My Lords, the UK contributes to the EU budget as a whole, not to individual spending programmes. Therefore, data on UK contributions to the EU budget not signed off by the Court of Auditors are unavailable. However, the recurrent failure to achieve a positive audit opinion from the court on the EU’s accounts is unacceptable. The Government set out recommendations to improve EU financial management and transparency at ECOFIN in February this year.
I thank the noble Lord for his explanatory exposition of this aspect of the unacceptable, on which we have not spoken previously. I merely seek to establish a transparent, independent regime and to deal with the problem of inclusion in the budget of expenditure which has been signed off in the accounts by the Court of Auditors. Perhaps I may ask a short question. Is it not a relevant consideration in the ongoing negotiations to seek to establish an acceptable regime?
I am grateful to my noble friend for once again drawing attention to the unacceptable situation that we face with regard to the European audit. I think that he puts his finger on one of the key issues, which is that we need to work towards a much simpler and more transparent regime. If the rules around the various European expenditure programmes were made less complex, it would be much easier for member states to comply with those rules. It is very much on that practical aspect of the regime that my honourable friend the Economic Secretary is working with the Audit Commissioner, others in Brussels and member states to make sure that we move to a simpler, clearer and more auditable regime.
Is the noble Lord aware that, just before he retired, the former Comptroller and Auditor-General of the United Kingdom, Sir John Bourn, said that if he had to apply to the expenditure accounts of the United Kingdom the system for audit employed in the European Union, he would refuse to give a positive assurance on any of those accounts because the real problem with the statement of assurance in the European Union is the statistical basis on which that audit is conducted? Will the noble Lord undertake to look at that question and to see whether, if one ever wants to get a clean audit, it is appropriate to try to initiate a reform of the statistical base of the statement of assurance?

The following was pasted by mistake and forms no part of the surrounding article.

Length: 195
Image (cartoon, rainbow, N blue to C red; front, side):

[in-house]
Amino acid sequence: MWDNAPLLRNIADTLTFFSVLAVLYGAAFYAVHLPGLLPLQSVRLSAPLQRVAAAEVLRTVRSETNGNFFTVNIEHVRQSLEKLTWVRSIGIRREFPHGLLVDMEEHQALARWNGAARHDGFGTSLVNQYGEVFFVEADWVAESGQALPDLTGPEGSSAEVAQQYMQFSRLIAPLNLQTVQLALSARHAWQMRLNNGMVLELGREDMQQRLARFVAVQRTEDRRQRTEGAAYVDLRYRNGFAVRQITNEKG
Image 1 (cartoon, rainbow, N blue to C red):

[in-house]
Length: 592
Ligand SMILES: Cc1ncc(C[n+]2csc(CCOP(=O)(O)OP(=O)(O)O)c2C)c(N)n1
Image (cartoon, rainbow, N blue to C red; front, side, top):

My Lords, I am happy to say that we are already on the case in this matter. At the ECOFIN in February, the UK issued a joint statement with the Netherlands and Sweden making various points about what we believed needed to be done by the European Commission and the auditors in coming years. That included, among other things, moving the European audit basis to a more risk-based approach, which I think precisely addresses the point that the noble Lord rightly brings up.
My Lords, did not my noble friend’s earlier answer, when he described how information was not available, give a bit of a clue as to one way in which we can make progress? Would it not be much more satisfactory if there were full details of any failure properly to account for national expenditures in the EU budget? In that way we would at least know who was not doing things properly, by how much and when, and that shaming could have some role in getting people to behave better.
Again, I completely agree. That is precisely why the other two of the three key points made in the joint statement at the February ECOFIN were about greater member state responsibility for items of expenditure and greater transparency. Therefore, I think that we have already identified the three key areas where improvement needs to be made and needs to be made quickly.
We of course wish the Minister and the Government well in their labours with regard to this issue but we do not underestimate the challenge of the task and are not anticipating early progress. However, there is one set of sums of money relating to Europe in which the nation is greatly interested and on which I am sure the Minister is well briefed and aware of what is involved, and that is the amount of money we are committed to on eurozone bailouts. Will the Minister enlighten the House with those figures?
My Lords, I think that the answer to that lies on the Benches opposite. If we want to get into history, the previous Government in 2005 gave away a substantial part of the UK’s abatement and signed on to a financial perspective that set a course of significantly increasing EU expenditure. If, instead, they had worried more about the management of the funds that were going out from Europe rather than merely signing on to an ever-increasing UK contribution to an expanding budget, we would not be in the position that we are in today.